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Finally feel like a "real" musician

Discussion in 'Band Wagon' started by christhee68, Nov 17, 2014.

  1. christhee68

    christhee68 Friend of Leo's

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    For the first time I felt like a real musician today. I’ve played guitar on my couch for a long time and even play in the church band and play solo acoustic at weddings and receptions, but today I finally felt like a “real” musician.

    My office (for-profit educational institution) had an open house and some of my co-workers recommended to the bosses that we have live entertainment. They suggested that I and another of my co-workers set up in the cafeteria and play some tunes on our acoustics.

    Ordinarily if I was going to be playing in public, it would involve a song list, lyrics, chord charts, and possibly several rehearsals if I was playing with someone else. This was different because the two of us (who have never played together before) just got our acoustics and went out there and played. No song list, no rehearsals, no lyrics, no nothing. We took turns calling songs singing and just following each other. I harmonized with him on his songs, he added some ripping solos to mine; it was awesome.

    Then, after that, I got a call from a local bar and grill asking if my band could play the next two Saturday nights. We had rehearsal right after that, and things went great. We played great and our harmonies were good and we all left stoked about our upcoming gigs.

    I finally felt like a “real” musician.
     
  2. vuduchild

    vuduchild TDPRI Member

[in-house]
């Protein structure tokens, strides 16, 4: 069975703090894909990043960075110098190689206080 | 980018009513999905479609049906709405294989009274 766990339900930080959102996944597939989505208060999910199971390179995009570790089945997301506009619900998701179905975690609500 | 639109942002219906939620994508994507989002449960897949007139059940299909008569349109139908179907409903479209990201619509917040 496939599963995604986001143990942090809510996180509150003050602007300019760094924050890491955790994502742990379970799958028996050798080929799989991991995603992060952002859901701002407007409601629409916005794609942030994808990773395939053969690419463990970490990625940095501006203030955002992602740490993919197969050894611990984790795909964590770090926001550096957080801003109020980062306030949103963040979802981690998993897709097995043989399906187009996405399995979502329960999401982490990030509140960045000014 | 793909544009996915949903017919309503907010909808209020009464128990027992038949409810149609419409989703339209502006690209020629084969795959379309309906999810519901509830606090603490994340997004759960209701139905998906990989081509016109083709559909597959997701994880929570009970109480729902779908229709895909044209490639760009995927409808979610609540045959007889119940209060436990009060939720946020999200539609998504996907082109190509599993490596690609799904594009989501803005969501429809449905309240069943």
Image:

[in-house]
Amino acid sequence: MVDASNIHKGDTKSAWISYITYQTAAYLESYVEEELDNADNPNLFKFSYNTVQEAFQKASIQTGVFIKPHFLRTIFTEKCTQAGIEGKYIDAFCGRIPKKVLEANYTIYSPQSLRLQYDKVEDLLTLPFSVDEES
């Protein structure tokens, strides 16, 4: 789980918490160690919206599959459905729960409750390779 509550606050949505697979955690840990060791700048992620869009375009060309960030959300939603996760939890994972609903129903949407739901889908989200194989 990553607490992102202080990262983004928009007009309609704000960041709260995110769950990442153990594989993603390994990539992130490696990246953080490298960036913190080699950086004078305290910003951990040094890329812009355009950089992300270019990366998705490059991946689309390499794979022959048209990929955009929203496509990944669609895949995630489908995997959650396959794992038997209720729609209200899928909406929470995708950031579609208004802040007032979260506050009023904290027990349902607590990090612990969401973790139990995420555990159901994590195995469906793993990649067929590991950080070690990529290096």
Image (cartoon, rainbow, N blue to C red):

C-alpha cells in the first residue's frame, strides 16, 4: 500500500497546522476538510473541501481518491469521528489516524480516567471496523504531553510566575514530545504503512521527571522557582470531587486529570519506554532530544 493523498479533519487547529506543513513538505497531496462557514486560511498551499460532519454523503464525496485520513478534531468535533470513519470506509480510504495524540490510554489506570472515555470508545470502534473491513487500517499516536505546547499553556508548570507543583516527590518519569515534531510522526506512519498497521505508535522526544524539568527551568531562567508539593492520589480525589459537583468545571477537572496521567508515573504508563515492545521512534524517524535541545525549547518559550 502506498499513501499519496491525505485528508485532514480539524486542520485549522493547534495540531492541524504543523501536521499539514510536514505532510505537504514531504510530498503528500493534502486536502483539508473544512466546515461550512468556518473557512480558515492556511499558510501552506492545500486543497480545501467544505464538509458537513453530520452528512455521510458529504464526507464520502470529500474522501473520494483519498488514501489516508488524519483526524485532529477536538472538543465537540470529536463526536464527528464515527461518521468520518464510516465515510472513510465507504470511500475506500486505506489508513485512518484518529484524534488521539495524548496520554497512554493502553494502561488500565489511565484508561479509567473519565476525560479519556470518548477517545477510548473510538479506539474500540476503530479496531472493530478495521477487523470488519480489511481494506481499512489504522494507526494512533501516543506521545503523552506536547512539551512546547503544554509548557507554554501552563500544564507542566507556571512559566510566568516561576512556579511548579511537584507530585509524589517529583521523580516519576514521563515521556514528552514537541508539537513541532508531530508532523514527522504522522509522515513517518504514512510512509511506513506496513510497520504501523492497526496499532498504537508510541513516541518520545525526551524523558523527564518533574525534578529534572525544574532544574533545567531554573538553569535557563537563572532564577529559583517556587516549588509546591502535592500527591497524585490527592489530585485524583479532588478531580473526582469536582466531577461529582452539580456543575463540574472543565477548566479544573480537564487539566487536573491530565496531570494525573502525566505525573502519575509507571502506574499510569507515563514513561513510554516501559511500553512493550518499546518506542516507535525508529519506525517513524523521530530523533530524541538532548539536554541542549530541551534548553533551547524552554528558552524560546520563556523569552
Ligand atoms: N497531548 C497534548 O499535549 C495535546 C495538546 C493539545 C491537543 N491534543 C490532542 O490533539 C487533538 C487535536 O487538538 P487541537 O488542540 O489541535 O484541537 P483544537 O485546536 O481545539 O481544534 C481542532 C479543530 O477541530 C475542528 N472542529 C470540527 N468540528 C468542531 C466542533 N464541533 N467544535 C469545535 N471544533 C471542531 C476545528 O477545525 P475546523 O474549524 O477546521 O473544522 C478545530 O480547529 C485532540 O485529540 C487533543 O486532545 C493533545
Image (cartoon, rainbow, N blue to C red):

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    Congrats man, I'm sure that is a great feeling.
     
  3. Buzzin_Cousin

    Buzzin_Cousin Tele-Holic

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    Great story man. Keep it going don't stop there.
     
  4. soulman969

    soulman969 Telefied Ad Free Member

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    A fellow member and I get together and do just that acoustically. I'm primarily a rhythm and riff player so I end up outlining the chord structure and he adds some very tasteful fills and solos on guitar or mandolin. He's also an excellent blues harp player.

    Some of it is cover material but a lot of what we do is just me making up chord progressions as I go and him embellishing that. We're both very experienced players and I'm convinced we could easily handle a two or three hour casual gig in a restaurant or a wine bar or bar and grill with little or no rehearsal.

    I'm glad you posted this story. It gives me some faith that I'm on the right track with this idea. Glad it's worked out well for you.
     
  5. poiureza

    poiureza Tele-Holic

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    Funny you mention this as I had a very similar experience at our last gig.
    It was a small bar gig so we had our "core" line up : no BGV, no brass, no extra guitar, no second keys.
    The bar owner told us to keep playing after the end of our show. After much hesitation we started playing the unrehearsed and then the half forgotten stuff, without the proper sound settings, wrong guitar (electric instead of acoustic) and without the needed other half of the band. I emboldened to sing some harmonies that I've never done before, did keyboard solos to replace the missing sax player, etc ... something I would never have accepted a few months ago. We all had our "extended job" moments to fill missing parts in the arrangements.

    Lots of minor mistakes from everyone but no trainwrecks, lots of fun, responsive (and forgiving) crowd. At one point I thought "OMG we can do this"

    I guess sometimes all it needs to up one level is a good kick in the a*** :D

    Edit : come to think you also need a good audience for daring
     
  6. johnny k

    johnny k Poster Extraordinaire

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    to quote the big lebowsky, sometimes you eat the bear, and sometimes the bear eats you. Luckily, sometimes everything go smooth, and sometimes everything go crap. Let s try to eat the bear as often as possible.
     
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